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robertogreco : antfarm   6

Spaces of the Learning Self - e-flux Architecture - e-flux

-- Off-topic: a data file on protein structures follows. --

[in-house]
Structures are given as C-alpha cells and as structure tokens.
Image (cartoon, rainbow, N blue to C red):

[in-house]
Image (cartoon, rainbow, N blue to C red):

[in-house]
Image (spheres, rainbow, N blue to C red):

"In the 2015 UNESCO-sponsored policy paper entitled “The Futures of Learning,” notions such as “active learner,” “metacognitive development” and “participatory learning” are abound. The most important, however, seems to be the “personalization” and “customization” of learning, or even “learner-designed learning.” As if copy-pasted from Van der Ryn’s 1969 tract, the advice reads as follows: “With personalized learning, individuals approach problems in their own way, grasp ideas at their own pace, and respond differently to multiple forms of feedback.” Neuroscience research is cited to the effect that instead of preparing “lessons” (so old school), the task of a instructor should be “designing project-based forms of learning.” This proposition rests on the assumption that learners improve better on “core subject matter” and benefit from emphasis on “depth over breadth” when learning in a personalized environment. “Instructional design” is presumed to become the central agency of such infinitely customized collaborative pedagogy. The key instructional designer, however, is going to be the learner herself, equipped with networked hand-held devices: “Future learning processes will inevitably take place in environments in which learners select their own modes of learning and bring personal technologies into education,” thereby dissolving not only any difference between formal and informal learning, but also between inner and outer, psychic and physical spatialities of learning.